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Vultures: the next dodos?

  • Key Stage 3
  • Popular Activity
  • Topical

Type: Activity
Learning Strategy: Construction
Topic: Feeding relationships

Vultures have suddenly become an endangered species in parts of the Indian subcontinent. In this activity students piece together data on the causes of the problem and look at the knock-on effects on local communities.

In the process students learn about toxins and their bioaccumulation.

UPDATE: In May 2006 India announced a ban on the manufacture of diclofenac. The veterinary drug had caused South Asian vulture numbers to drop by 95% over the previous 15 years.

Published: 5th January 2005
Reviews & Comments: 9

Learning objectives

Indian vultures are on the brink of extinction. You will piece together the evidence to find out why. Then you'll find a way to save them.

Try the activity

You will need Acrobat Reader installed to open the activity sheets.

11 - 14 (KS3)
Plants for food QCA 9d - at each step of a food chain persistent toxins are accumulated in carnivores; this process is bio-accumulation. Identify key points about a scientific issue and recognise that there is often a balance of advantage and disadvantage in development.

Environment and feeding relationships QCA 7c - food chains and webs

Running the activity

Suggested time 20-50 minutes.
You can do the activity more quickly by giving students the food web instead of asking them to construct it as a preliminary activity. You can extend the activity to occupy a full lesson by asking them to produce a written summary of their findings.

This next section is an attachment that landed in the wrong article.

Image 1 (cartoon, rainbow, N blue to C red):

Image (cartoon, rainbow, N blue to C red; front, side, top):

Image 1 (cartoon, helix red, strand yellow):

Display the picture on page 1 of vultures bending over freshly-picked bones. Ask questions like these: what do vultures eat? Do they have any predators? Why are they dying out?
Page 1 sets the scene with a dramatic photo of vultures eating. It can be printed onto transparency or projected. This page also sets the task.
Page 2 carries statements from a range of people affected by the decline in vulture numbers. It can be printed onto transparency or projected, but students will probably find it easier to work with paper copies.

Students should be able to construct a food web using the ecologist's account.
Using the web and the accounts of the other characters they should be able to explain the cause and effects of the vulture's decline.
Diclofenec, a cheap painkiller, is increasingly being prescribed to keep lame cattle on their feet. If they die soon afterwards, enough of the drug is left in their bodies to kill any vultures that feed on them. Even small amounts of diclofenec will accumulate in vulture's bodies. Vultures do a vital job in India. They clear the countryside of dead animal remains. They are also vital to the success of the Parsi "sky burial" ritual. Their demise means more food for packs of rabid wild dogs and more remains left to undergo a slower and smellier process of microbial decay.

Groups of students could tell others in the class how they propose to save the vulture. Alternatively, they could find out how British cattle suspected of having BSE were disposed of when huge numbers of them had to be slaughtered at once.

News links

National Geographic
An easy to read summary of the current findings
New Scientist